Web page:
Star-Bulletin Features

Thursday, April 29, 1999

By George F. Lee, Star-Bulletin
Allan Okubo and Val Falle play Mr. and Mrs.
Oyama, while Keith Kashiwada plays their son, Kiyo.

Body & Soul

Kumu Kahua brings
Milton Murayama's classic
novel to the local stage

By Burl Burlingame


There are few acts more intimate than the one we're performing right now, writer-to-reader. But if it's edited, or if it's read by someone else, or translated into a foreign language, scrims of interpretation are pulled up between us.

So imagine what it's like for authors to have their works adapted for other media. Milton Murayama's classic novel "All I Asking For Is My Body" has its Hawaii stage premiere tonight at Kumu Kahua Theatre. Even though Murayama did the stageplay himself, it's still being filtered through director Harry Wong and eight actors before reaching the audience.

"It's unavoidable -- the author's words take on a life of their own," said Wong. "And, ideally, with a good writer, that's EXACTLY what happens. That means the story and characters stand on their own. As for my part ... I may be directing it, but it's up to the actors eventually. It's their butts out there."

There are eight people in the cast, which is a bit smaller than usual, said Wong.

By George F. Lee, Star-Bulletin
Below, Michie, played by Emily Kojima, turns away
from Kiyo in Kumu Kahua's production, "All I
Asking For Is My Body."

The book was adapted for the stage once before, in 1989, for the Asian-American Theater in San Francisco. According to Wong, Murayama -- who arrived here yesterday -- has revamped the story, drawing in material from his other books "Five Years On a Rock" and "Plantation Boy," which continued the story of the debt-ridden Oyama family and their life on a Maui sugar plantation in the late '30s.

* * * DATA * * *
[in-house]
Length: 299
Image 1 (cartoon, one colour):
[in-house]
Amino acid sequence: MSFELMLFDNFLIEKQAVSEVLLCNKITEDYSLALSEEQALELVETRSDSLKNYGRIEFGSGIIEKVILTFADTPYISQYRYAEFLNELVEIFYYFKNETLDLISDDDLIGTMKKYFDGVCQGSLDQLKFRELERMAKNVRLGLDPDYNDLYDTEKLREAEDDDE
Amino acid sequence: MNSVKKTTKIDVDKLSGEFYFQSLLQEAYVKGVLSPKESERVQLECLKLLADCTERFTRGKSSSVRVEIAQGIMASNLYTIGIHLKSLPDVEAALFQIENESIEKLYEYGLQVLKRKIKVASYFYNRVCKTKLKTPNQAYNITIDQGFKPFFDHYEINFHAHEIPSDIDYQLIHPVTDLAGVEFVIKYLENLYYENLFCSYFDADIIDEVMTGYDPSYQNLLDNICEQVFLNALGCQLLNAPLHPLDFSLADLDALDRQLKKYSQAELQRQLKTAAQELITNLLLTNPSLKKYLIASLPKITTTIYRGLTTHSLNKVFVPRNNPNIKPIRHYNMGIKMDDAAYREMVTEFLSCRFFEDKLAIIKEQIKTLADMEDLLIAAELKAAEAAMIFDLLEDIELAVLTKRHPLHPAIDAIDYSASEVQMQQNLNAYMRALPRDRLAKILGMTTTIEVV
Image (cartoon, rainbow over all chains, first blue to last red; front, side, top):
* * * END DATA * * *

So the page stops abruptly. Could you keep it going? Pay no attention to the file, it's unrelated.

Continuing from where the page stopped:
"Like everyone else in the world, Japanese families in Hawaii were affected by the Depression, and many had to drop out of the middle class and return to the plantation," said Wong. The play is set in the years 1936 to 1942, another time of stress for Japanese-Americans.

Murayama, himself a plantation boy, graduated from Lahainaluna High School and served in the Military Intelligence Service in World War II. "It's a memory play -- the storyteller is looking back -- and the passage of time is suggested to the audience," said Wong. "It's clear in the novel. It's very difficult to adapt from a novel that has such richness in its narrative.

"It's a different medium. For example, you can't digress and show the Filipino struggle for equal rights. You can't raise those ever-present clouds of red dust on stage without making the audience cough."

The specifics of plantation life are used to create a story we all can relate to. "In order to be universal, you have to be local first," said Wong.

All I Asking For Is My Body

Bullet On stage: 8 p.m. Thursday through Saturday, and 2 p.m. Sundays through May 30
Bullet Venue: Kumu Kahua Theatre, 55 Merchant St.
Bullet Tickets: $15 Friday-Sunday; $12 Thursdays (discounts for seniors, students and groups)
Bullet Call: 536-4222

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